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The Youth of Russia

The Youth of Russia(1934)

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Crying Boy

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FULL SYNOPSIS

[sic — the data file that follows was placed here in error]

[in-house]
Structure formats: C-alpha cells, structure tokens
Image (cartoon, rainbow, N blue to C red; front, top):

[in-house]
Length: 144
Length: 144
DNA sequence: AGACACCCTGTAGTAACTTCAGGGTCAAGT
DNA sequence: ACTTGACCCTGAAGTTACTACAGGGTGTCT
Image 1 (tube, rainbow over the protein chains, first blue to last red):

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Israel Slotopolsky, a Jewish shoemaker in the Soviet Union who, in Czarist Russia, had been a forest contractor, has not mastered his new trade in the fifteen years since the revolution. Neither has he come to understand the new thinking of his buxom twenty-year-old daughter Kaile, now called "Catherine," regarding marriage. Kaile is about to marry for the fourth time, and Israel, whose two sons died in the war and whose wife died of grief, rages and pleads with Kaile that marrying again is immoral, as under the new system, she has not needed to get divorces from her past husbands. Kaile, however, contends that now if people do not suit or love each other, they can easily part. She promises, though, that this will be her last wedding. When Israel meets her fiancé, factory inspector and Communist Party member, Ivan Ivanowitch Goldberg, whose name used to be Itchkie, Ivan patronizingly praises Israel because he is a "worker." After Israel leaves them alone, Ivan embraces Kaile passionately, tearing her blouse, and they excitedly plan to go to a parade of the Red Army after the wedding. Israel returns and finds that Ivan has carried Kaile to her bed, and when Israel is alone with Kaile, he complains that Ivan is not her equal, but she says that she loves him. They marry, while Israel prays and weeps. Two months later, Israel spends a Sabbath eve at the home of Jews who still keep the religious tradition, albeit in secret. They reminisce about the old way of life, in which, one of them says, despite the Czars and pogroms, they lived like kings following the Jewish rituals and customs, and they decry the new "god," endless work. Meanwhile, Kaile, without Israel's knowledge, gives a party at their home to celebrate her fifth marriage. At the party, Russian dances are danced and songs are sung, including one by a Chinese girl, who is engaged to a black man. When Israel hears about the party, he rushes home, and when he learns that Kaile has married again, he starts to faint, then berates her and grabs his hammer, threatening to kill her. After he falls exhausted, Kaile's new husband, Abrasha (formerly Abraham) Greenberg, patiently tries to explain that they are trying to build something more beautiful and wholesome than the old system and points out that under Jewish law, a woman could get a divorce only if her husband agreed; if a man deserted his wife or was a rogue, his wife was stuck in the marriage. Abrasha then relates the story of his Uncle Solomon, a religious fanatic who, during the Czarist regime, lived in Galicia: Solomon's daughter Rachel, whose husband had run off with another woman six years earlier, has become the object of gossip because she has been seen in the company of young men. Solomon warns her that under Jewish law, she must remain married until her husband dies. Rachel, however, stays away from home for two weeks, and when her mother Machle takes her side in an argument with Solomon and blames his fanaticism for the break up of their family, he attempts to throw a chair at her, then orders her out, calling her a witch. When Rachel returns and confesses that she has married a Christian, Solomon makes a mad dash at her, and she runs out. Abrasha relates that Solomon became insane. Israel, saying that he is stronger than Solomon, takes Kaile's hand, then faints. Feeling responsible, Kaile asks his forgiveness and says she will do whatever he tells her to do. Israel forgives her and, resigned that the new order is their destiny, apologizes to Abrasha and asks him to take good care of Kaile, then dies after blessing his daughter and her new husband. Kaile cries and says that her father had hoped somebody would be left to pray for his soul, but Abrasha nods his head, as if to say that would be asking too much.